BOONE COUNTY, Ky. (FOX19) - Two high-school students appeared in juvenile court Tuesday morning after the Butler County Sheriff’s Office says they threatened to shoot up the school on social media.
The boys, both 14 years old, are students at the Ignite Academy in Boone County.
Around 3:30 p.m., according to the sheriff’s office, school staff told their S.R.O deputy of the students’ threat.
Deputies interviewed the students separately, and each student reportedly admitted to making the threat.
One student showed investigators the Snapchat post he sent to other students stating, “Don’t come to school tomorrow,” accompanied by a green gun emoji and a dynamite emoji, the sheriff’s office says.
The other student claims the so-called threat was a joke.
“We take these threats seriously,” Boone County Schools Community Relations Coordinator Barbara Brady wrote in a statement, which is embedded below. “We have a no-tolerance policy for this kind of behavior. The safety of our students and staff is our priority.”
Sheriff’s office deputies took the students into custody Monday evening and lodged them at the Campbell Regional Juvenile Detention Center. The students, according to the sheriff’s office, are charged with terroristic threatening in the second degree, a class D felony.
“This is just an indicator that the court-designated worker and the judge are taking these threats a little more seriously—and locking them up,” Boone County Sheriff’s Office Maj. Tom Scheben told FOX19 NOW. “(It) should send a message to their friends and others, who might think twice before they act ridiculously.”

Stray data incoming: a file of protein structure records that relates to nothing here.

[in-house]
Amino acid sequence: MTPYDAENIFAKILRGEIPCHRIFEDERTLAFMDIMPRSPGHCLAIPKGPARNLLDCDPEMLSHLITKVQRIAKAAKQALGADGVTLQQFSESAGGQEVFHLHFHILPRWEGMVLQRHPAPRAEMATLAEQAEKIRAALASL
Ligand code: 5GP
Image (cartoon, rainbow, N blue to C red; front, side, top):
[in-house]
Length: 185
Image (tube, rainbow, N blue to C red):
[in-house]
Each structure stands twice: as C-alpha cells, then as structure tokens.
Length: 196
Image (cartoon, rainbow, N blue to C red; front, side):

The incident represents the third school shooting threat handled by local investigators in recent days.
On Saturday, a 13-year-old boy was arrested for making a school shooting threat against R.A. Jones Middle School in Florence, Ky.
One day before that, a 12-year-old student was arrested for falsely reporting to 911 dispatchers there was a gun at a Springboro Junior High dance.
FOX19 NOW asked Boone County Schools Director of Pupil Personnel Mike Ford what makes students do this.
“The children are maybe exhibiting these behaviors because of a mental health issue,” he explained. “Anger, for example, or whatever the case might be. And we want to provide correctness to the behavior. We want to help the child overcome any mental issues.”
In a lot of cases, he says, the student’s family might not know where to turn. That’s where the schools can come in.
“If we find out a mental health issue contributed to this behavior," he said. “I can assure you we will work with the family to find mental health counseling services for that child.”